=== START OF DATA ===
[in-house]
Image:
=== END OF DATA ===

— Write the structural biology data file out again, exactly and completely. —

[in-house]
Image: